So it is obvious the current version of the Concept cannot become the framework for the State’s information security system creation, or the basis for threat monitoring mechanisms, political decisions making and implementation of information security public policy. It needs to have wider range of competent persons involved to finalize it, and the task of the Expert Council and Ministry of Information Policy is to organize this process properly.

At the moment there are doubts about the efficiency of the way of public discussion that was chosen. It is obvious that every section of the Concept is a separate range of complex strategic issues, and the paper has to reflect the public consensus on these issues. As a matter of fact, the wide expert discussion of the Concept’s provisions should have taken place AT THE STAGE of the draft of elaboration and not AFTER. This was not the case, and the Expert Council when addressing these strategic issues reclined on its own vision and experience; otherwise the paper would have had more concrete and useful provisions. The draft discussion focuses mainly on the regional round tables (only one event was held in Kyiv, and it was attended by some civil society experts and civil servants), though it was obvious that separate discussions of separate blocks of issues or sections of the Concept with competent participants would have been more efficient.

There is a high risk that so organized discussion would not result in useful recommendations leaving behind many actors that must be involved, and would not lead to thorough and quality finalization of the draft paper.

I had the honour to be involved in the work of the Expert Group as a consultant and I expressed my thoughts and remarks both during and after the elaboration process. But the paper discussion must be public and everything we say must be public as well. And now I am expressing my reasons and ideas. So that some of my colleagues would offer something better. So that our voices would sound stronger and eventually make the Concept to be finalized and supplemented with important modifications that reflect our common position.

So I recount my arguments and remarks to each of the mentioned problems and also give my vision of solutions (and specific changes to the draft where it is possible).

Problem 1. Unclear purpose of the paper.

This strikes the eye of many readers of the draft. The OSCE notes this as well.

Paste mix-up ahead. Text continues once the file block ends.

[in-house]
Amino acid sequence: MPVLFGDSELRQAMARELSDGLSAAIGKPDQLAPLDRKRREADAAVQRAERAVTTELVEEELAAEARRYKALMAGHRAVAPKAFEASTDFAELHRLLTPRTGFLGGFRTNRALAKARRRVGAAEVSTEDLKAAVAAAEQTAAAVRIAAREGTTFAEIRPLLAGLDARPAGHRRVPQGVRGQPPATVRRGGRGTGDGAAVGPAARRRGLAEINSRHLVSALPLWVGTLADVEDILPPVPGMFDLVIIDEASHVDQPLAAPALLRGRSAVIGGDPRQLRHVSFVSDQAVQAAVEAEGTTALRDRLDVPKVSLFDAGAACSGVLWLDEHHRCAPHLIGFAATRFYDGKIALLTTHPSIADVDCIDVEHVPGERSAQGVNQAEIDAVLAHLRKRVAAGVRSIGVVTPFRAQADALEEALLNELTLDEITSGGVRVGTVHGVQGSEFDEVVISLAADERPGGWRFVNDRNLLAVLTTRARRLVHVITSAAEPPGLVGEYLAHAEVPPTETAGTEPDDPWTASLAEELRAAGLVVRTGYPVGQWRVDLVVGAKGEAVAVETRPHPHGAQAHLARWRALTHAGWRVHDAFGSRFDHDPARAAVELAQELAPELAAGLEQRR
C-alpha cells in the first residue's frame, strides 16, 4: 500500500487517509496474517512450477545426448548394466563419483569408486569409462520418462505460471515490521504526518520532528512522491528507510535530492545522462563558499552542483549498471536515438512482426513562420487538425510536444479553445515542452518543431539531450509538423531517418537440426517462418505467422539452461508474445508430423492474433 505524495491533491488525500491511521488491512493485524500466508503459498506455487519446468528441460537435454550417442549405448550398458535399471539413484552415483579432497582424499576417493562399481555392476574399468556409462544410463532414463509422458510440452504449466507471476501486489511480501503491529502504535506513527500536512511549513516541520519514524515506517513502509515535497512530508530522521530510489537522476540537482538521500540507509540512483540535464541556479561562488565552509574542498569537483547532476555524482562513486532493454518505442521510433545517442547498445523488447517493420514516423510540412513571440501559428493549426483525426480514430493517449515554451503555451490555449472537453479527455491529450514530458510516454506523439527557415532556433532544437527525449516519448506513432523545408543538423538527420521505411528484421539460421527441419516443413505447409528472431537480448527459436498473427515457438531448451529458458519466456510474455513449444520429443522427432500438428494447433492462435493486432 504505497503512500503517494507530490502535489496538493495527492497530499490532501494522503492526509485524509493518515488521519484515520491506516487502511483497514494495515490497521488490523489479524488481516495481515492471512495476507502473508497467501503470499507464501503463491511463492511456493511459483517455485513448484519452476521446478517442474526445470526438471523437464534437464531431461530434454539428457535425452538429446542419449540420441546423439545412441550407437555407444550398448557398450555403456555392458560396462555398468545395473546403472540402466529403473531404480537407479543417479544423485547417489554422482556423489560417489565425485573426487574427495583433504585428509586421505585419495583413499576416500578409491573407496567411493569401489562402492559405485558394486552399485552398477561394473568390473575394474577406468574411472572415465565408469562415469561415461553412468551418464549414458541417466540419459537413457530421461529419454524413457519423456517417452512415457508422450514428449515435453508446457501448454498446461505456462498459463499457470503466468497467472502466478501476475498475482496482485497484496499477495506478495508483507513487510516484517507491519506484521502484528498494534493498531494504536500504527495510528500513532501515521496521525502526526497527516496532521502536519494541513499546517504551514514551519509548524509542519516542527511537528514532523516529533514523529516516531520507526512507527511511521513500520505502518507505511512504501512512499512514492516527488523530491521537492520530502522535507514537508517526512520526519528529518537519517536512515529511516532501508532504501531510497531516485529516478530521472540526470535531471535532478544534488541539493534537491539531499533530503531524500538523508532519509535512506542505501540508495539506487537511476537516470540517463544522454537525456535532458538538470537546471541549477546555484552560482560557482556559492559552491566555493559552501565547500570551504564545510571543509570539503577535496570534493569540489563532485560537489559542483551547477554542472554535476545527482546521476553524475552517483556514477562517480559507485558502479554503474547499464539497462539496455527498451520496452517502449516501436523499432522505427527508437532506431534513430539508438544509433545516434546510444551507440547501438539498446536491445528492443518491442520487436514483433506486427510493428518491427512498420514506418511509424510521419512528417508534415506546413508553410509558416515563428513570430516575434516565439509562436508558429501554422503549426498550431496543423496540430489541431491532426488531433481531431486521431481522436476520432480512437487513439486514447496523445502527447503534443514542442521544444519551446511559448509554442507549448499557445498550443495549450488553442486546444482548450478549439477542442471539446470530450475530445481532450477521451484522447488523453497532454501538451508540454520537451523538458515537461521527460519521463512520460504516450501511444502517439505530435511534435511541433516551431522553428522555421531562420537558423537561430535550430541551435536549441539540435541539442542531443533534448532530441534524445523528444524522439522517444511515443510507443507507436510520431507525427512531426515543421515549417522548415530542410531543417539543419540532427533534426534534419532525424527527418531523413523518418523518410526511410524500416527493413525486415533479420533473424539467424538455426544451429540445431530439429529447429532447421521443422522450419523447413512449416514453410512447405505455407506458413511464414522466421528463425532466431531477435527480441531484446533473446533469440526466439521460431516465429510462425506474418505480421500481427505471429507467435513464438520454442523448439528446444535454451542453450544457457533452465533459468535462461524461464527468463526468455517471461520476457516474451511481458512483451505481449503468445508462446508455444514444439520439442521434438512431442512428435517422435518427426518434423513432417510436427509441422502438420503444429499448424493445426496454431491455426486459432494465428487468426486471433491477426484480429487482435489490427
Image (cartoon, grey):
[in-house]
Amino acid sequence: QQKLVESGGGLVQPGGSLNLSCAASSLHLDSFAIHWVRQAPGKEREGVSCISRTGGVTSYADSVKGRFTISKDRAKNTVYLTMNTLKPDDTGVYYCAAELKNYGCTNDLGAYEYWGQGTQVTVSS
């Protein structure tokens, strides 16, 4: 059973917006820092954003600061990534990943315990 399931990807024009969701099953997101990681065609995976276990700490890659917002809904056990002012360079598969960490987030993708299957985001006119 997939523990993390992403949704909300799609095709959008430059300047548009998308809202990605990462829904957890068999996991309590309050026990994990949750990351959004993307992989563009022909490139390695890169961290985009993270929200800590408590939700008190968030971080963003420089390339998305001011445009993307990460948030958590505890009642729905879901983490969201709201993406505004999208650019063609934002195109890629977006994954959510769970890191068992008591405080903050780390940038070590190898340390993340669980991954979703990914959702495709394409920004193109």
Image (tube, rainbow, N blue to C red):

Any political decision (and the Concept adoption is) originates from a need and has to cause or prevent changes. With this view its efficiency is measured. So the main question of many experts is: the Concept intends to change what? What is its purpose? What need would it meet?

The Concept’s text gives three versions of answer:

- Preamble: “to arrange conditions for the development of such a potential of information domain of Ukraine that…

- Article 1: “to ensure information sovereignty” and 

- “to define approaches to the protection and development…

The first two variants are not correct because this is an overall purpose of the public policy not a document. The third one is correct but I doubt that it reflects the real need in the information security domain.

I can only express my position based on the scientific research of information security public policy. I defended my dissertation not too many years ago, and its conclusions are still up-to-date, moreover the time gives new corroborations to them.

The researchers use the term ‘system for information security’. This is a set of public authorities and their actions aimed at ensuring of the information security. To be efficient, the system needs to understand the points:

I. WHAT is to be protected, that is to say what kind of interests the State, the society, the citizen have in the information domain;

II. WHAT are the threats to the interests;

III. WHAT the public authorities do to neutralize these threats, and

IV. HOW they do this.

These points have to be a subject of the wide dialogue, consideration, and to result in a social consensus set forth in a political document. The next step is to create an efficient public management of information security.

All over the history of modern independent Ukraine this consideration has been inconsistent, its results have never been recorded in any doctrine documents. So neither interests nor threats were set forth; consequently, nobody could follow these threats let alone respond to them. The threats monitoring, responding and subsequent decisions are a huge volume of work to be performed by the State. But at first strategic decisions must be made.